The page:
Located in Mexico City’s historic neighborhood, Downtown Mexico hotel is within easy walking distance of many of the city’s top attractions. But it’s not just a great location that attracts guests. Set in a restored 17th century former palace, the hotel leaves no doubt that being old, is something to be proud of.
When you first step inside, you may have a moment of confusion, wondering where to go first. But in a split-second the high energy scene comes together. The center of attention in the open-air courtyard is Azul Histórico restaurant; a good handful of shops are located around the courtyard’s perimeter. Tucked back in the far-right hand corner is the front desk.
Along with your key, a Mexico City map, and quick lay of the land, staff will offer up a shot of tequila before leading you to your room.
Of Downtown Mexico’s 17 rooms, six are larger suites with balconies that provide great views of the busy neighborhood below. Whenever I was awake in my suite, the doors were open to enjoy the scene and the fresh air that came along with it. (The only other windows in the room are in the double entrance doors, and when open can impact privacy.) Thanks to excellent blackout shades and soundproofing, once the balcony doors are closed, sleeping conditions are ideal.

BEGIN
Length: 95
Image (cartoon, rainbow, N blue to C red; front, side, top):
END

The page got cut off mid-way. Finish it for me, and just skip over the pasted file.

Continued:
With rock walls, clay tile floor and vaulted ceilings, rooms have a bare elegance. During the day, when sunshine streams in from the balcony, the rooms are bright, but at night, lighting is limited and rooms and bathrooms are noticeably dim.
The bathroom does not have any traditional doors separating it from the room, limiting privacy. A curtain is all that separates the toilet from the neighboring vanity. Same goes for the shower.
The bed is comfy, made European style (no top sheet) with a fluffy duvet. Electrical plugs are plentiful, but there are no USB ports.
The hotel rooftop is a popular place to relax and take in city views. Along with a bar, there’s a small pool and hot tub, surrounded by bright yellow, lounge chairs.
Just a couple blocks from Downtown Mexico is the city’s Zocalo, or central square. Bordered by the Metropolitan Cathedral, Palacio Nacional, (home to Diego Rivera murals) and Aztec ruins, there’s plenty to see. Shoppers who wander along Francisco I. Madero Street, will most likely recognize a good number of brands from home.
Breakfast, included in the room rate, is served every morning on the second floor patio. The small buffet of fruit, yogurt, cereal, cheese, hard boiled eggs, meats, cheeses, Mexican pastries, and juices makes for a colorful table. Wi-Fi is also complimentary.
Rates for a suite at Downtown Mexico range from $262 to $452. Check rates on Expedia. If you’re on a budget, Downtown Beds hostel is located on the backside of the hotel. Well hidden, most hotel guest come and go without realizing the hostel is there.
Review and photos, except where noted, by Dana Rebmann. Her stay was hosted by Visit Mexico, but as always her thoughts and opinions are her own.